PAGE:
For many years some American Snodgrass displayed the arms of William James Snodgrass as those of the Snodgrass family. That was highly incorrect (as the Lord Lyon, Chief Herald of Scotland told me in 1981) and the Snodgrass Family Clan Society arms we now use were awarded upon application in 1984 to the Chief Herald of Ireland by the members of the Snodgrass Family Clan Society led by the late Laurence Elder Snodgrass (1918-1978) of Albuquerque, New Mexico  and others of Snodgrass heritage. (This was in recognition of the contributions to Ireland made by the various family members (circa 1610-1720).

 For several years Dr. Phillip Snodgrass of Iuka MS and I researched the literature in both the USA and Scotland in an attempt to find the site of the Snodgrass village that was mentioned therein. It was no longer shown on any current map. A description of the celebration of the Festival of Marymass, held annually (and still active) in the environs of the town of Irvine and in the Parish of Irvine which was mentioned in very early texts connected with Snodgrass, was found by Dr. Phillip and, by a stroke of luck, I described the known facts to a lady who works for the Ardrossan Genealogical Society located in that town about eight miles north of Irvine on the west coast of Ayrshire fronting the Irish Sea. She produced a British Artillery Map of 1775 that shows the village Snodgrass located on the Garnock River only two miles or less N. of the town of Irvine. These old maps are available as part of the website of Ayrshire Roots.

The village could very easily have been long ago erased by the extension of the other towns in the area, but it was saved by the low lying nature of the ground along the river which made it unsuitable for heavy construction, and the coincidence that the Nobel Chemicals Co., (maker of Dynamite) had bought some of the land (before 1925) and built some earthen revetments on the N. end of the Snodgrass property on the Garnock river bank containing storage buildings for explosives. That land is still retained by the Company. Most of the balance of the old Snodgrass farm is now the Irvine golf course bordering a very old Bogside Racecourse (now unused) mentioned in the books describing the Marymass Festival.  The south end of the racecourse abuts the Irvine river estuary where it and the Garnock enter the sea at the port of Irvine.

All of this is bordered on the East by the railway line to Glasgow, a wildlife refuge, Eglington Castle Park, and a very large area of new houses. A remarkable survival.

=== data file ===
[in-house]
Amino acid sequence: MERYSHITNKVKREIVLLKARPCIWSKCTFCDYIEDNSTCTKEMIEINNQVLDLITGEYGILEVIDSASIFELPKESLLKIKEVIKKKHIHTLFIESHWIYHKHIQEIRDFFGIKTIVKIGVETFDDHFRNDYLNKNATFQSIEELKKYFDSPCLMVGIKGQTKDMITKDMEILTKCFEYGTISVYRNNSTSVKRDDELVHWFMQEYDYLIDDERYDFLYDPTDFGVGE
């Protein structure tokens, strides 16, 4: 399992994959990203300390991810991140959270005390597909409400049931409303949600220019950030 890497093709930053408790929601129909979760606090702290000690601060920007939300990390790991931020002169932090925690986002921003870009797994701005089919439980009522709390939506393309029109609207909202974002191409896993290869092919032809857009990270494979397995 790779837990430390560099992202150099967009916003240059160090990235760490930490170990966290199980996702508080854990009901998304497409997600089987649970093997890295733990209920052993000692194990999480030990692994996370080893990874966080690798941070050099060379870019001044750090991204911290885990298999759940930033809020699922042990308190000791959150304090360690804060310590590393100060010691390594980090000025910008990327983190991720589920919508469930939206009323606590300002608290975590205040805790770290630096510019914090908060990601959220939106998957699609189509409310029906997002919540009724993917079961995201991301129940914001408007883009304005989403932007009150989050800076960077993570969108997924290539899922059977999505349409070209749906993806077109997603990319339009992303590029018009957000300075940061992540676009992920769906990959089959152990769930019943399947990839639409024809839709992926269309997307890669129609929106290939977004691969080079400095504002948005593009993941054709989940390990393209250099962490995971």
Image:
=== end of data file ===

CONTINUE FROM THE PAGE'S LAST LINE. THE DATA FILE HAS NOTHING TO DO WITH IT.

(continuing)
2001 Roadmap of Irvine Parish Area, Ayrshire, Scotland

Road Map Glasgow to Irvine



Map of Snodgrass Village Area and old course of the Garnock river 1841

Open pit coal mines were worked for centuries by villagers.

Farm extended to south along river to old Bogside Racecourse and to east

beyond present rail line. Early accounts of Marymass Festival detail a larger cross-country racecourse extending across Snodgrass, Bartonholm, Eglington Castle grounds, and Bogside just across the Irvine river from the town of Irvine at mouth of Garnock. Today the river course has broken through the river bends and runs a straighter line while old parts of river became lakes. Southern end of the site is now the Irvine Golf Course.  Parts of the sites were under water for thirty years until drained by Lord Fullerton, Chief of Clan Montgomery who worked the coal pits. 

1800 Census lists two families at Snodgrass village; one farmers and one coal miners. Neither were Snodgrass. (See History of Cunninghammehead estate of John Snodgrass, 1748). Snodgrass village, Bartonholm and other sites were  part of holdings of John Snodgrass, purchased from estate of last Chief of Clan Cunninghammehead, deceased without issue, 1724. Parts of those estate buildings are still seen.   

Snodgrass houses

Map showing location of Snodgrass village houses

Houses standing at Snodgrass, 1994, now demolished

Bridge from village site (right end ) to the Nobel Plant across river Garnock

View looking North West across Golf Course. Snodgrass Village site is beyond tree line at center.

British Artillery Map of 1775 showing Snodgrass Village.

Village location is not shown on maps since 1938.

Nobel Chemicals plant in 2001. This plant gradually extended into the Ardeer Hills across the river from Snodgrass and now extends on both sides of the river and occupies the north end of the village with bunkers built to hold explosives. Bunkers were empty in 2001.  The footbridge is not for heavy vehicles. Another (vehicle?) bridge extends across the river to the N. end.

Road to Village site

Award of Arms to the Snodgrass Family Clan Society, 1984, by the Chief Herald of Ireland in recognition of services to N. Ireland 1609-1712.





Clan Badge and Tartan